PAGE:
King Willem-Alexander of the Netherlands had to cancel his planned visit to San Francisco after contracting pneumonia and was advised against travelling. But a visit by the Castro will take place, as Queen Máxima will make the trip with cabinet ministers, Dutch officials said.
According to the Royal House of the Netherlands, Queen Máxima and other officials will still be visiting the United States and “carrying out the program elements already planned”.
“The King is recovering from pneumonia and air travel at this time could hamper a full recovery,” a press release said. “The King’s engagements in the Netherlands will not be affected by this decision and will continue as planned, albeit on a more limited scale.”
Castro’s tour scheduled for Tuesday, Sept. 6 is continuing, Vincent Storimans, vice consul general of the Dutch consulate in San Francisco, said in an email. Storimans, a gay man who spoke about the upcoming visit in the Bay Area Reporter this week, said the delegation will also attend planned events at Stanford, Berkeley, UCSF and Google, as well as a cocktail party at the hotel. of town of San Francisco with 700 expected guests.
Royal Central said the Queen is expected to travel accompanied by the Minister for Foreign Trade and Development Cooperation; the Minister of Health, Welfare and Sports; the Minister of Education, Culture and Science; the Minister of Economic Affairs, Communication and Sustainable Development of Aruba; Aruba’s Minister of Public Health and Tourism; and the Secretary of State for Infrastructure and Water Management.
Further details on the schedule of activities during the trip will be announced once arrangements have been made taking into account the king’s absence, the online news site reported.
The trip will take place from September 6 to 9 and will take the Dutch delegation to California and Texas to discuss, among other things, the impact of climate change on populations, potential solutions to the energy crisis caused by the Russian invasion of Ukraine and the subsequent sanctions and transatlantic cooperation.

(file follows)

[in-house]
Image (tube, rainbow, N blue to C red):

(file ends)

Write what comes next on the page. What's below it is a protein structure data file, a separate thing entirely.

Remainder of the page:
As BAR reported, the royal tour of the city’s LGBQ neighborhood is set to begin at the GLBT Historical Society Museum and continue to the Castro Theater and Twin Peaks Tavern. At the Tavern, the Queen will meet briefly with leaders of San Francisco’s LGBTQ community, District 8 Supervisor Rafael Mandelman; Tyler TerMeer, Ph.D., CEO of the San Francisco AIDS Foundation; Rebecca Rolf, executive director of the San Francisco LGBT Community Center; and Imani Rupert-Gordon, executive director of the National Center for Lesbian Rights.
“It’s exciting that they’ve chosen the Bay Area to visit and are reaching out to local LGBTQ community leaders to not only show them around some of our most historic places here in Castro, but also to sit down and discuss what’s going on here in our community,” TerMeer said before the king’s cancellation was reported.
TerMeer, a 39-year-old gay man of Dutch ancestry, was eager to speak with the royal family about HIV/AIDS issues here in the United States and learn more about the Netherlands’ response to the epidemic and to other public health threats to the LGBTQ community, he said.
Andrew Shaffer, a gay man who is the historical society’s interim co-executive director, said he was excited about the tour despite the change in plans.
“We can’t wait to show off her majesty in the museum,” he wrote in an email.
Mandelman took the news with ease.
“The Castro loves queens,” he joked Thursday. “I can’t wait to meet her and take a walk and wish the king a speedy recovery.”
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